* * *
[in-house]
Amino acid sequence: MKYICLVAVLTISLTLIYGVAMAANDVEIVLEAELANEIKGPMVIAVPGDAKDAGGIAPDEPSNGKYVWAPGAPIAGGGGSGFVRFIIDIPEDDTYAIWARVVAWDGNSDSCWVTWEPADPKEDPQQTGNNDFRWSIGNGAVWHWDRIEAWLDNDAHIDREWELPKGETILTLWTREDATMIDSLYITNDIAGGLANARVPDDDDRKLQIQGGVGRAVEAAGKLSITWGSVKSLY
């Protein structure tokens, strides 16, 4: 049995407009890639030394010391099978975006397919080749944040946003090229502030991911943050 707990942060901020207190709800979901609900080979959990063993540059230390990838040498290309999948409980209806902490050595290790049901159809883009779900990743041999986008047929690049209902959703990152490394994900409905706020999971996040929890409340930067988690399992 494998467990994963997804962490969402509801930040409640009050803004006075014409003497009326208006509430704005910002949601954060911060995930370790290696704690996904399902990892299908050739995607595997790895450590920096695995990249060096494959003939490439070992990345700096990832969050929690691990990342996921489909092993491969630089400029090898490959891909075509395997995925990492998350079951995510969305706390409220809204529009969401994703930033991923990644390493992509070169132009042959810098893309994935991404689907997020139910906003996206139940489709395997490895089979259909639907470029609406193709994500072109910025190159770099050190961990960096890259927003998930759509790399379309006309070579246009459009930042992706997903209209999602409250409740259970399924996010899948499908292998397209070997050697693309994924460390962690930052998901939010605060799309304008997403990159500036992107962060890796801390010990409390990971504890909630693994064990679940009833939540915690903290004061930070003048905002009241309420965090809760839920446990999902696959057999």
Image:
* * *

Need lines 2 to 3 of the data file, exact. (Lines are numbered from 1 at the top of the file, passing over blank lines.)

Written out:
Amino acid sequence: MKYICLVAVLTISLTLIYGVAMAANDVEIVLEAELANEIKGPMVIAVPGDAKDAGGIAPDEPSNGKYVWAPGAPIAGGGGSGFVRFIIDIPEDDTYAIWARVVAWDGNSDSCWVTWEPADPKEDPQQTGNNDFRWSIGNGAVWHWDRIEAWLDNDAHIDREWELPKGETILTLWTREDATMIDSLYITNDIAGGLANARVPDDDDRKLQIQGGVGRAVEAAGKLSITWGSVKSLY
């Protein structure tokens, strides 16, 4: 049995407009890639030394010391099978975006397919080749944040946003090229502030991911943050 707990942060901020207190709800979901609900080979959990063993540059230390990838040498290309999948409980209806902490050595290790049901159809883009779900990743041999986008047929690049209902959703990152490394994900409905706020999971996040929890409340930067988690399992 494998467990994963997804962490969402509801930040409640009050803004006075014409003497009326208006509430704005910002949601954060911060995930370790290696704690996904399902990892299908050739995607595997790895450590920096695995990249060096494959003939490439070992990345700096990832969050929690691990990342996921489909092993491969630089400029090898490959891909075509395997995925990492998350079951995510969305706390409220809204529009969401994703930033991923990644390493992509070169132009042959810098893309994935991404689907997020139910906003996206139940489709395997490895089979259909639907470029609406193709994500072109910025190159770099050190961990960096890259927003998930759509790399379309006309070579246009459009930042992706997903209209999602409250409740259970399924996010899948499908292998397209070997050697693309994924460390962690930052998901939010605060799309304008997403990159500036992107962060890796801390010990409390990971504890909630693994064990679940009833939540915690903290004061930070003048905002009241309420965090809760839920446990999902696959057999």